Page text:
Trade in goods in the G-20 countries fell in the second quarter, negative data highlighting uncertainties surrounding the development of the global economy. According to the Organization for Economic Co-operation and Development (OECD), exports of goods fell by 3.1% and imports by 2% in US dollar terms compared to the first quarter, “reflecting the weakness in global demand and the fall in prices reflects”. Raw materials, particularly energy,” reads the agency’s statement.
The decline in the energy sector particularly affected transactions from the US, whose exports fell by 5.7% and imports by 2%. This does not mean that they have made fewer shipments abroad, but rather that the reduction in the price of gas and crude oil, two of the products from which they earn most of their income, also reduces their income. In neighboring Canada, trade performance was slightly better but still negative: exports fell 3.7% and imports were flat.
This brings the stats to a new glass of cold water after G-20 export growth in the first quarter, which rose 2.2%, driven by China. In any case, the trend is not optimistic: trade in goods has declined in three of the last four quarters, and the first data from China released in July with sharp declines in exports and imports do not suggest that the situation will worsen or improve in the short term .
In the case of the European Union, foreign sales of goods fell in Germany and Italy, but rose in France thanks to the aviation sector. Across the association of municipalities, the fall in the price of energy, most of which is purchased abroad, led to a 1.2% drop in imports. The United Kingdom, on the other hand, was able to counter this with positive exports of goods, namely 2.1%, thanks to strong sales of machinery and transport equipment.
Among other things, the OECD highlights that exports from China, considered the factory of the world, fell by 5.7%, partly due to lower demand for electronic products. And Japan and South Korea saw their imports fall sharply (8.1% and 7.9% respectively) due to the drop in energy prices, lowering their bill. The opposite was the case for Australia and Indonesia, where their exports fell due to lower commodity prices.
The decline was more pronounced in trade in services. Exports rose from 4.5% in the first quarter to just two-tenths in the second quarter. At the same time, imports also collapsed from 8.8% to -0.6%. In the United States, lower spending on transport and travel was the reason for a 1.3% drop in services imports, for the same reasons as in France, where the drop was more pronounced (-7.2%).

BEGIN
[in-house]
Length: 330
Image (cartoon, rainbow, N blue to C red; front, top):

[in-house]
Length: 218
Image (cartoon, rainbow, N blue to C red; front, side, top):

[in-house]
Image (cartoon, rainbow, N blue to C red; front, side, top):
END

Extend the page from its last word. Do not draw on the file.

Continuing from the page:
On a positive note, UK services imports increased by 2.9%, driven by higher purchases related to business and financial intellectual property. Exports increased in Australia on growth in travel and passenger transport and in South Korea on information and communication services, travel and finance.
The World Trade Organization is forecasting global trade growth of just 1.7% this year, well below last year’s increase (2.7%) and the average for the past decade (2.6%).
Worst forecasts for the third quarter
In this sense, the World Trade Organization (WTO) assured this Thursday that world trade showed signs of recovery in the second quarter, but its estimates suggest that activity will weaken in the third quarter due to the fall in export orders.
Trade in goods rose in the second quarter after six months of decline but still remains below average, according to the World Barometer. “A sustained recovery in the third quarter and beyond is uncertain as barometer-based export orders remain weak,” the WTO said.
At the end of the first half of 2023, trade in goods by volume was 1% lower than a year earlier and 0.3% lower than in the first quarter, which for the WTO means that the slowdown that started in the fourth quarter of 2022 will be extended.
The main reasons for the start of this situation were high energy and food prices due to the war in Ukraine, as well as tighter monetary policies to curb inflation in advanced economies. Import demand remains low due to weak growth in the European economies and China, according to the WTO.
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